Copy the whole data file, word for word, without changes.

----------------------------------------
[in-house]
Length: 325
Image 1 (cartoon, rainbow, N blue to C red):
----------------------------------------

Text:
[in-house]
Length: 325
Image 1 (cartoon, rainbow, N blue to C red):